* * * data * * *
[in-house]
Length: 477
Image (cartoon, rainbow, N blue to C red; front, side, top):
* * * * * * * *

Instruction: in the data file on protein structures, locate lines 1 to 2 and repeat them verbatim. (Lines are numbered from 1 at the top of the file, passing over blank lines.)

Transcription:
[in-house]
Length: 477